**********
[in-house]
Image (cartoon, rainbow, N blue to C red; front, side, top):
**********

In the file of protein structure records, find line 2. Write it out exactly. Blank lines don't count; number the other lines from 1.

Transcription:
Image (cartoon, rainbow, N blue to C red; front, side, top):